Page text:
Federal Rule of Civil Procedure 15(a) governs the amendment of pleadings before trial. It provides that the parties may amend a pleading “once as a matter of course” before trial if they do so within (A) 21 days after serving the pleading, or (B) “if the pleading is one to which a responsive pleading is required, ” 21 days after service of the responsive pleading or a motion under Fed.R.Civ.P. 12(b), (e), or (f), whichever is earlier.[13] Other amendments are allowed “only with the opposing party's written consent or the court's leave.”[14] Rule 15(a)(2) also instructs that the court “should freely give leave when justice so requires.”[15] The court's decision to grant leave to amend a complaint, after the permissive period, is within the trial court's discretion and will not be disturbed absent an abuse of that discretion.[16] The court may deny leave to amend upon a showing of “undue delay, bad faith or dilatory motive on the part of the movant, repeated failure to cure deficiencies by amendments previously allowed, undue prejudice to the opposing party by virtue of allowance of the amendment, futility of amendment, etc.”[17]

         If a proposed amendment would not withstand a motion to dismiss pursuant to Fed.R.Civ.P. 12(b)(6), or fails to state a claim upon which relief may be granted, the court may deny leave to amend.[18] “[T]o survive a motion to dismiss, a complaint must contain sufficient factual matter, accepted as true, to ‘state a claim to relief that is plausible on its face.'”[19] A complaint or amendment thereof need only make a statement of the claim and provide some factual support to withstand dismissal.[20] It does not matter how likely or unlikely the party is to actually receive such relief, because for the purposes of dismissal all allegations are considered to be true.[21] The party opposing the amendment has the burden of showing the proposed amendment is futile.[22]

         III. Analysis

         Plaintiff seeks to assert claims against Corizon, a Defendant named in his original complaint but later dismissed by the court, and to add an alternative cause of action for medical malpractice against two individual Defendants. The Court addresses each in turn.

         A. Adding Corizon as a Defendant

         Plaintiff, now assisted by counsel, seeks to once again include Corizon as a party Defendant in this action following its dismissal. The June 8, 2016 order, which dismissed Corizon and six individual Defendants, did not specify whether it was with or without prejudice. Plaintiff contends it was without prejudice, while Corizon argues the dismissal was with prejudice. Under Federal Rule of Civil Procedure 41(b), except in situations not applicable in this case, an involuntary dismissal “operates as an adjudication on the merits”[23] or, in other words, with prejudice.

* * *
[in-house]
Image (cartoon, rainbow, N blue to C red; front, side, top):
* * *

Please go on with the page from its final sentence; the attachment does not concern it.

Plaintiff correctly argues that where a pro se pleading is at issue, courts both liberally construe the pleading and are slow to enter dismissals without prejudice unless it is obvious that a plaintiff cannot prevail on the facts as alleged and amendment would be futile. However, Plaintiff does not acknowledge or seek to distinguish the plain language of Rule 41(b). While the Court recognizes the difficulty a pro se inmate may face in understanding and complying with court orders, Judge Crow's directive was clear.[24] When Plaintiff failed to timely comply, Judge Crow entered an order “direct[ing] that Corizon, . . . be dismissed from this case.”[25] Because the order did not otherwise state its effect, the order dismissing Corizon was an adjudication on the merits. The Court denies Plaintiff's motion to amend insofar as it seeks to assert claims against Corizon.

         B. Adding an alternative cause of action for medical malpractice

         Plaintiff seeks to add a claim for medical malpractice against Defendants Gordon Harrod and Travis Nickelson, both of whom were named as Defendants in the original pro se complaint. On May 12, 2016, pursuant to Judge Crow's screening order, the Clerk of Court transmitted waivers of service to both Defendants.[26] Defendant Nickelson, through counsel, ...